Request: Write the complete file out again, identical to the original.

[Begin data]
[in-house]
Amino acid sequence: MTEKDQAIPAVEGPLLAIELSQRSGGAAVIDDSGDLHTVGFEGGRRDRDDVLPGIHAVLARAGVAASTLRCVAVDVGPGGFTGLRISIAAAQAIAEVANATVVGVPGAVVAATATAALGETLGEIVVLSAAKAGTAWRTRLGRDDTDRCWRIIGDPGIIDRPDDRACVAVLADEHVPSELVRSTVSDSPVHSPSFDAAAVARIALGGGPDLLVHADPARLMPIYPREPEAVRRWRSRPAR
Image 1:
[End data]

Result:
[in-house]
Amino acid sequence: MTEKDQAIPAVEGPLLAIELSQRSGGAAVIDDSGDLHTVGFEGGRRDRDDVLPGIHAVLARAGVAASTLRCVAVDVGPGGFTGLRISIAAAQAIAEVANATVVGVPGAVVAATATAALGETLGEIVVLSAAKAGTAWRTRLGRDDTDRCWRIIGDPGIIDRPDDRACVAVLADEHVPSELVRSTVSDSPVHSPSFDAAAVARIALGGGPDLLVHADPARLMPIYPREPEAVRRWRSRPAR
Image 1: